The answer is no, but I do think we are farming ourselves out of a small way of thinking about sustainable farming and into new ways of doing business. What began as a grassroots, kind of small-scale, sustainable-farming movement now encompasses the large-scale concepts of local foods, food justice, Slow FoodÂ and farm-to-table. Older farmers are retiring, and new farm businesses are coming in.
Direct-to-consumer sales opportunities, like farmers markets and community-supported agriculture, are on the rise, and some regionsâ€”think Portland, Ore.; cities and towns in California and Vermont; and Minneapolisâ€”are becoming saturated with small-scale, diversified farms. As a result, we farmers must innovate to keep up with excess supply.
Young farmers and beginning farmers typically break into the direct-to-consumer, small-scale-sales market at the tried-and-true farmers market level, moving up to a small community-supported agriculture operation their second(-ish) year. As certain farmers markets are becoming saturated with these farmers, new farmers markets are opening up, creating more opportunity for farmers and consumers: more rural markets, markets in food deserts, markets at schools and hospitals, nighttime markets, mobile markets.
CSAs are morphing, too, still offering up-front financial backing for a farm but going beyond the typical 20-week veggie box, providing flexibility and additional food options for customers. Farms are partnering with restaurants and institutions. Indoor growing systems are being pushed to their limit to offer more fresh foods year-round. Value-added products also are a popular market for a lot of farms that have access to commercial kitchens or are located in states with friendly cottage-food laws.
NPR reports that the growth in the number of farmers markets and in direct-to-consumer farm-product sales is slowing. And, yes, there is grumbling from farmers who are losing market share at the farmers markets to new vendors. I vend at one small farmers’ market where there are seven vendors: five are small-scale, sustainable farmers, each selling similar items. We’re all growing in nearly the same climateâ€”save microclimates, high tunnels, et ceteraâ€”so our seasonal items are all pretty much the same. I have yet to hear grumbling from any of them, though I do know of a few farmers who have moved on from that market in search of one with fewer identical vendors. In this situation, it’s all about creatively marketing your products, both at the farmers market and elsewhere, to get ahead. A little competition is encouraging farmers to become better business people, I think.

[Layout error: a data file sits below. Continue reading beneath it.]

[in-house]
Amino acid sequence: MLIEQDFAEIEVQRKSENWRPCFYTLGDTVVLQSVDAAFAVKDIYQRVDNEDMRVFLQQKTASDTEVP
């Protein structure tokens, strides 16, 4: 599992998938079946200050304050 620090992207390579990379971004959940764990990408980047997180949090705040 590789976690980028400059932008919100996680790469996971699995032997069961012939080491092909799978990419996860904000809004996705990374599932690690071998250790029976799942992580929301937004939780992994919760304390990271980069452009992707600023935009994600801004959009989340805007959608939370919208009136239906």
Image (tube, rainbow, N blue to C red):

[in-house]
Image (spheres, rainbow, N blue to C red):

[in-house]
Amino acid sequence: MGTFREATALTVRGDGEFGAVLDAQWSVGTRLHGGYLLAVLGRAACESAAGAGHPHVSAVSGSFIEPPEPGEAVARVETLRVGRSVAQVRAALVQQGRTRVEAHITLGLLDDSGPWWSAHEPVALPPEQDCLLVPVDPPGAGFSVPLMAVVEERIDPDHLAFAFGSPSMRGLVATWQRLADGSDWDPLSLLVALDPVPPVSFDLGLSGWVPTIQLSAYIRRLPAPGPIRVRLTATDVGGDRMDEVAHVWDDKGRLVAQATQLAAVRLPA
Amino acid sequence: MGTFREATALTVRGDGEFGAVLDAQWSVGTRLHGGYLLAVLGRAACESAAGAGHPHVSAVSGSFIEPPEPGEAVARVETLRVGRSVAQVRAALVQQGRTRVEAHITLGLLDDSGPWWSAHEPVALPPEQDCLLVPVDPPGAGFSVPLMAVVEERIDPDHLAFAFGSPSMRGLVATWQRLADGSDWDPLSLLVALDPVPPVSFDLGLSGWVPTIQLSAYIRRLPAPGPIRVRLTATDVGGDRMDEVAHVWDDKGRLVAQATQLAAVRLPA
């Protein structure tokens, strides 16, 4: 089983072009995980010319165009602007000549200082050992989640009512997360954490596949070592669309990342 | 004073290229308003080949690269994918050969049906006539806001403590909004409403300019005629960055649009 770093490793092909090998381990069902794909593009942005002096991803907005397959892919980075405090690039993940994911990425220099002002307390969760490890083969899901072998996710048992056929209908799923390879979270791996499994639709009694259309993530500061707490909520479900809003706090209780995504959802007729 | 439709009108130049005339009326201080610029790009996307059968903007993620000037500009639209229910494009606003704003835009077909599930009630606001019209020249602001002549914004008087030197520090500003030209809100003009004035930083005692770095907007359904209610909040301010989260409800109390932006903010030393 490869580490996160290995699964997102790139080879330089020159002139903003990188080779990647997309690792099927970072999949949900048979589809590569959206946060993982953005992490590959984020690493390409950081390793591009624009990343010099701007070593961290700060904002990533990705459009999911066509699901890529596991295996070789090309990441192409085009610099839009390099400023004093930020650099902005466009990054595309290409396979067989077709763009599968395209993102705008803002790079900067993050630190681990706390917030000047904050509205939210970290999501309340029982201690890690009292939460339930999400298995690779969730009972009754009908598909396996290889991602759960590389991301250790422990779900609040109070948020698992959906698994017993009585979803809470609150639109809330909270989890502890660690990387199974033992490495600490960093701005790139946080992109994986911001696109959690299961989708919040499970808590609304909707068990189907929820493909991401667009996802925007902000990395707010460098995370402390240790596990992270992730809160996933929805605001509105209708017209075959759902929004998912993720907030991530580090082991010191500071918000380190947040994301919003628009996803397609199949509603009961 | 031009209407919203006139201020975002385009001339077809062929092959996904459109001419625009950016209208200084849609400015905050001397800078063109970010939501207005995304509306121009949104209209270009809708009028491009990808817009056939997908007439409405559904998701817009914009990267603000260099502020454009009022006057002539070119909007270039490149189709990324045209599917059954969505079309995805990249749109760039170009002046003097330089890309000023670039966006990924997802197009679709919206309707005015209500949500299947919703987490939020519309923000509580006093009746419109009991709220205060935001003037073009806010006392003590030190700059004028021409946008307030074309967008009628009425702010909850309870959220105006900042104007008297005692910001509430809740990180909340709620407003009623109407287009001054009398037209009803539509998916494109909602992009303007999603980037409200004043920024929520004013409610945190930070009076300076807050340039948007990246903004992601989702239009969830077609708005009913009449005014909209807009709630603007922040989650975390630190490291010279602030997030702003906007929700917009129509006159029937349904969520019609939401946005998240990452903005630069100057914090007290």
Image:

If you are thinking about getting into farming on a small commercial scale or if you’re just starting out, have no fear. You don’t have to go far to find opportunity. It takes many farmers to supply just one local-foods establishment. Then there are healthcare facilities and schools working toward sourcing locally. In Kentucky, Kroger supermarkets are purchasing more locally produced items. Working with chefs rather than farmers’ market customers or institutional buyers instead of CSA members takes different mindsets, and certainly some farmers are more well-suited to one or another. The point is, there’s a place for each of us at the table.
I would love to hear about additional farm-business innovations that you have seen as a result of increasing small-scale-farmer populations in your region. Tell me what you or your neighboring farms are doing in the comments below. And give your thoughts on this “Burning Question” on Facebook.
With more and more people turning to farming to make a living or supplement their income, are we simply saturating our…
Posted by Hobby Farms on Tuesday, June 9, 2015
Â« More Burning Questions Â»